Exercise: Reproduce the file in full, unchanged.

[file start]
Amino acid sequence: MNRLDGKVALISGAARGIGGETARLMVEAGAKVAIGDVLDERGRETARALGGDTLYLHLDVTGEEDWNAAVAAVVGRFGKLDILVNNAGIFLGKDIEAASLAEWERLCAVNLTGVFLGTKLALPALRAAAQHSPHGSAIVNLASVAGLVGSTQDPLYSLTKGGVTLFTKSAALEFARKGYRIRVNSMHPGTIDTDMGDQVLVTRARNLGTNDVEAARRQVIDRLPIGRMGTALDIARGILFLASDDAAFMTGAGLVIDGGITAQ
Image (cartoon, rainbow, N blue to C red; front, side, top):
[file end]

Amino acid sequence: MNRLDGKVALISGAARGIGGETARLMVEAGAKVAIGDVLDERGRETARALGGDTLYLHLDVTGEEDWNAAVAAVVGRFGKLDILVNNAGIFLGKDIEAASLAEWERLCAVNLTGVFLGTKLALPALRAAAQHSPHGSAIVNLASVAGLVGSTQDPLYSLTKGGVTLFTKSAALEFARKGYRIRVNSMHPGTIDTDMGDQVLVTRARNLGTNDVEAARRQVIDRLPIGRMGTALDIARGILFLASDDAAFMTGAGLVIDGGITAQ
Image (cartoon, rainbow, N blue to C red; front, side, top):